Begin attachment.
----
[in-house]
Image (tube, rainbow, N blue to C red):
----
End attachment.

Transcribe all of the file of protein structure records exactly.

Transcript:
[in-house]
Image (tube, rainbow, N blue to C red):